Charles Kenningham, ‘Australia’ Hymn

For soprano, chorus, and orchestra. Melbourne, 1901.
Edited by Richard Divall
Australian Music Series – MDA030
ISBN 978-0-9925672-9-3 / ISMN 979-0-9009642-9-8


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On 9 May 1901, In the Melbourne Exhibition Buildings in Carlton, the son of King Edward VII, HRH The Duke of York (later King George V), inaugurated the Official Opening of Australia’s first Parliament. The event was captured in the iconic painting of the Duke’s proclamation and speech by the Australian painter Tom Roberts (1856- 1931), a painting that now hangs in the entry to the Main Committee Rooms in the New Parliament House of Australia in Canberra.

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Amongst the music events that took place in the proceedings, an ‘Australia’ Hymn was performed with solo soprano Nellie Stewart, (possibly chorus) and orchestra. The composer was the celebrated English Gilbert and Sullivan tenor Charles Kenningham, who was touring Australia in a season of G and S repertoire for the impresario J C
Williamson. Scored for a solo voice, chorus and orchestra the work seemingly received very few performances afterwards, and dropped out of sight until the vocal materials and orchestral parts were passed to the National Library of Australia.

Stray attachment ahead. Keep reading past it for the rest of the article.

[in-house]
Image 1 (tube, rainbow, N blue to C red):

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Charles Kenningham was born on 18 November 1860 in Hull and sing for some years as a chorister before enlisting for two years in the 5th Dragoon Guards. Possessing an exceptional and clear tenor voice, he sang for five years at Canterbury Cathedral before embarking on a stage career in 1882 in opera and operetta. In 1891 he sang the role of Maurice de Bracy in the premiere of Sir Arthur Sullivan’s heroic English opera Ivanhoe. He was invited the following month to join the roster of singers with the D’Oyly Carte Opera Company which specialised in operetta and especially the works of Gilbert and Sullivan. With that company he created the roles of Captain Fitzbattleaxe in Utopia Limited, and in 1896 of Ernst Dumkopf in The Grand Duke. He was an immensely successful and popular singer in this repertoire, and in 1898 he commenced a long tour of New Zealand and Australia with the J C Williamson Company. When the tour ended, Kenningham decided to remain in Australia with his wife, and continued performing until ill health made him retire to Maryborough in Queensland where he died on 24 October 1925.